The Buick Enclave may not have changed much since its introduction back in 2008 but that doesn’t mean it’s not worth a close look at if you’re in the market for a big, comfy crossover with third-row seating and a touch of luxury.
The vehicle is based on GM’s Lambda platform, which is used in vehicles like the GMC Acadia, Chevrolet Traverse, and former Saturn Outlook, and is capable of carrying up to eight people. The Buick is the most luxurious of the lot, though it’s also the most expensive with a starting price of $36,600.
For that money you get a 3.6-liter V-6 with 288 horsepower and 270 pound-feet of torque on tap, sending drive to the front wheels via a six-speed automatic transmission. The engine’s nature is a bit revvy, requiring you to really dial up the revs before you get some momentum. If you’re a performance fan with a family then Ford’s 365-horsepower Flex or Lincoln MKT may be more to your liking.
Fuel economy for the 2012 Buick Enclave checks in at 17/24 city/highway mpg for front-wheel drive models and dips to 16/22 city/highway mpg if you tick the all-wheel drive option. We’d definitely go with the added safety of all-wheel drive if you live in the northern states.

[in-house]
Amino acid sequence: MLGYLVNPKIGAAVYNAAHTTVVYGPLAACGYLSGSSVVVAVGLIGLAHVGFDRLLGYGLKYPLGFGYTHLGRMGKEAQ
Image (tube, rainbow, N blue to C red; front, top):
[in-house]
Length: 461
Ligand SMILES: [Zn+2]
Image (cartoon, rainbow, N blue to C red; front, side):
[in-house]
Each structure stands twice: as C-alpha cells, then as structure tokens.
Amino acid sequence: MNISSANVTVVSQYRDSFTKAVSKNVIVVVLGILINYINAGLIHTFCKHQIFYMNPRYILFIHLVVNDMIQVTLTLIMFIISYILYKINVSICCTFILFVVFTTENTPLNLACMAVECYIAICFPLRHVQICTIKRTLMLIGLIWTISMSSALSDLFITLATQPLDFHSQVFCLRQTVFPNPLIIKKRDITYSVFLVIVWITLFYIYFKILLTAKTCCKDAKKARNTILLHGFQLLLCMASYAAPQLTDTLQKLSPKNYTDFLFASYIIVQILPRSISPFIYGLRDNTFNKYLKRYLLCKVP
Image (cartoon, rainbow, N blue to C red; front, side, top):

For 2012 Buick has decided to do away with the CX and CXL trim level names and badging. Instead, there are new equipment packages including 1SB (Enclave Base), 1SD (Convenience), 1SL (Leather) and 1SN (Premium).
A new hill-start assist feature has also been added for 2012, preventing the vehicle from rolling back on steep inclines by leaving the brakes on for 1.5 seconds after the driver lifts off the brake pedal. There’s also a new electronic pedal override feature that reduces engine power when the brake and accelerator pedals are depressed at the same time, as well as a power outlet added to the center console.
As mentioned, the Enclave features third-row seating and unlike many of its rivals most adults will find the third row hospitable. Getting in and out of there, however, can still be a little tricky. Interior volume even with the third-row seat in place is 24.1 cubic feet, rising to more than 115 cubic feet when the second- and third-row seats are folded forward.
Finally, the Enclave's crash scores have remained excellent even as testing criteria have changed--just what you want for carrying around your most precious cargo. The IIHS calls it a Top Safety Pick; the NHTSA gives it five stars overall, with a four-star rating for front and a five-star rating for side impacts.
For a more in-depth review of the 2012 Buick Enclave, check out the full review at our sister site The Car Connection